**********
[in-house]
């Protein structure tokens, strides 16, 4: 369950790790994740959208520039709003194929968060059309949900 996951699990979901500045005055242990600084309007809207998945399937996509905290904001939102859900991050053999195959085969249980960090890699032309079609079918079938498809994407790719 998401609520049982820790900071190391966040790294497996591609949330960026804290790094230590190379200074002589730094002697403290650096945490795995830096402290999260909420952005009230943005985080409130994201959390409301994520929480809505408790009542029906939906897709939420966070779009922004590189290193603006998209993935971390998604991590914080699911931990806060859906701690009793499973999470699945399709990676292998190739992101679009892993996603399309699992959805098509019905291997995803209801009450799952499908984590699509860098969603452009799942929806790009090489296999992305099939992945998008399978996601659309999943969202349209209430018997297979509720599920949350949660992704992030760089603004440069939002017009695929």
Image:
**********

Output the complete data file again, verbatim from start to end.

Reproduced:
[in-house]
């Protein structure tokens, strides 16, 4: 369950790790994740959208520039709003194929968060059309949900 996951699990979901500045005055242990600084309007809207998945399937996509905290904001939102859900991050053999195959085969249980960090890699032309079609079918079938498809994407790719 998401609520049982820790900071190391966040790294497996591609949330960026804290790094230590190379200074002589730094002697403290650096945490795995830096402290999260909420952005009230943005985080409130994201959390409301994520929480809505408790009542029906939906897709939420966070779009922004590189290193603006998209993935971390998604991590914080699911931990806060859906701690009793499973999470699945399709990676292998190739992101679009892993996603399309699992959805098509019905291997995803209801009450799952499908984590699509860098969603452009799942929806790009090489296999992305099939992945998008399978996601659309999943969202349209209430018997297979509720599920949350949660992704992030760089603004440069939002017009695929």
Image: